Permanent? That's five years under Obama estate tax plan

Bid to lower exemption after January deal unexpected; advisers sitting tight for now

Apr 11, 2013 @ 4:31 pm

By Darla Mercado

Apparently, permanent works out to be about five years in Washington time.

At least that would seem to be the case when it comes to President Barack Obama's plan to alter the estate tax drastically mere months after a “permanent” deal on the marital exclusion was reached.

In the White House budget released Wednesday, the president proposed lowering the death tax exclusion to $3.5 million, from the $5 million figure agreed on in January.

The swift move to rejigger has not gone over well with some planners.

“I can't believe that they'd revisit that,” said Martin M. Shenkman, an estate planning attorney at an eponymous firm in Tenafly, N.J. “Why would they put themselves and everyone through that again?”

It's a fair question. Clients went into panic mode during the fiscal cliff negotiations in December, when the White House and legislators wrangled over reducing the estate tax exclusion to as little as $1 million. Indeed, scores of the wealthy made last-minute changes in their estate plans with the expectation that this year would bring harsher tax treatments.

Ultimately, estates, gifts and generation-skipping trusts ended up being taxed at a maximum rate of 40%, with the federal estate tax exclusion set permanently at an inflation-indexed $5 million — or $5.25 million for this year.

That would all change if the president's plan is approved as is — a scenario that, while worrying to clients, seems unlikely. Indeed, estate experts are telling advisers to sit tight for now. “Practitioners shouldn't jump the gun,” said David Pratt, a partner in the personal planning department at Proskauer Rose LLP. “This is a wish list. It's a starting point for negotiations.”

Where the plan ends up is anybody's guess. But here's what the White House is currently proposing:

The estate, gift and generation-skipping trust tax parameters would go back to 2009 levels: Estates and GSTs will be taxed at a maximum rate of 45%, with a lifetime exclusion of $3.5 million. Gifts would be taxed at a maximum rate of 45% with a lifetime exclusion of $1 million. The estate provision would become effective in 2018, as would transfers. The exclusions will not be indexed for inflations.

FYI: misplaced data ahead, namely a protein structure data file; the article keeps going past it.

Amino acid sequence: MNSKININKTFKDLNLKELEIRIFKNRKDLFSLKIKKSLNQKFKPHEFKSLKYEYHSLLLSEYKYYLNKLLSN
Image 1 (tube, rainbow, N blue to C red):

Grantor retained annuity trusts will be subject to minimum terms. GRATs are a great estate-planning tool because they permit wealthy individuals to pass large assets to family members and save on taxes. Grantors, meanwhile, can receive an annuity for a fixed period of years, funded by the assets within the trust.

GRAT terms are typically brief — less than two years — because if the grantor dies within the term, the assets will be counted as part of his or her estate. Mr. Obama's proposal would require that all trusts have a minimum term of 10 years and a maximum term of 10 years beyond the annuitant's life expectancy. The value of the remainder must be greater than zero, and the annuity must not decrease during the term of the GRAT.

The duration of the generation-skipping trust tax exemption would be limited. Currently, each person has a lifetime GST tax exemption of $5.25 million, which can be allocated to the benefit of younger relatives who are receiving asset transfers (a wealth transfer from a grandparent to a grandchild). The grantor can also allocate his or her GST exemption to shield the assets transferred and future appreciation from GST taxes. The limits proposed by Mr. Obama on the duration of the GST tax exemption would take effect on the 90th anniversary of the creation of the trust. The 90 year limit is a big deal, considering some states have abolished rules against perpetuity — which limit the duration of a trust — while others have lengthy periods, according to Mr. Pratt. Florida, for instance, permits trusts to last as long as 360 years.

Estate planners, for now, are taking a wait-and-see approach. “It all depends on which provisions pass,” Mr. Pratt said. “Some of them have prospective effects, and others could require some changes in trusts that already exist.” GRATs that are in place now, for instance, would likely be grandfathered if these proposals came to pass. GSTs that already exist, however, could be affected if that 90-year provision goes through, he added.

Mr. Shenkman noted that this might be a good time for people to think about the gifts they could've made last year. “The ones who need to be most concerned are the people who are very ill or in their late 80s,” he said. “Even if the proposal doesn't happen, you might save on taxes by making your gifts now.”

“We wouldn't do anything different now just because of this,” said Gavin Morrissey, vice president of wealth management at Commonwealth Financial Network. “If it does anything, it'll make those people who missed the boat last year [on tax and estate planning] act while those structures are still available. But I don't put a lot of stock into this proposal.”

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